My good friend up in Michigan has been ever so nice to walk me thru the ins and outs of starting things from seed. We have tried and failed several times before and this time I really wanted to get it right. So, naturally, I went to an expert! It has been so great of her to help me thru this adventure and to be so patient in answering all my questions. And believe me, there have been quite a few.
We started our seeds Easter day. I had hoped to get an earlier jump on things, but I ended up with the super human flu bug and that didnt happen....so we had to wait. Needless to say, when I felt better we dove right in. I decided to go the peat pellet route to get them started and will transfer them to bigger peat pots when Angie tells me to(I mean, when they are big enuf!). I have never used a peat pellet before and I thought that they would expand much more then they did. But, what do I know, right? We went ahead and planted the seeds, watered them, and popped the lid on the tray. A couple days ago I noticed that they were beginning to sprout! Hooray! Once I noticed the growth I had Shawn hang up a light above the tray and we have been keeping the light on them from morning till we go to bed. And of course making sure that they are being kept moist.
I am going really light on planting this season since we are gonna be moving in a little bit. I wasnt sure how much time I would have to maintain a garden. Especially since we really dont have a spot marked out on the property for a garden. I know. I am nuts. Starting seeds right before a big move...yard hasnt been seeded itself at the new house, much less graded. We will have to add a ton of compost and black dirt to the yard before we can really do much of anything. I hope my little seedlings end up being pretty hardy. They have a few obstacles in their path to become fruitful plants. I decided to go with Amish paste tomatoes and Cherokee purple tomatoes. I have heard really great things about both of them. I also purchased some cucumber seeds, but all the advice I got on them was to wait to plant them in the ground directly. So that is what I will do!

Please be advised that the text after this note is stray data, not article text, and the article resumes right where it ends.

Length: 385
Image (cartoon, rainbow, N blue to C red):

Here in the midwest we have lotso fields. Flat fields. They once grew corn or soybeans. When you live in a newly constructed home in a subdivision they take all the good dirt and leave you with crap. Sorry, clay. It is a pain to work with and even harder to get things to grow well. You really have to amend the soil. Altho, I must say that the japanese beetles dont seem to be affected by it at all. They still terrorize us every year. Lacing all of my lovely flowering plants.
So, wish me luck on my adventure. If the plants do well, I am sure there will be more than enuf maters to go around!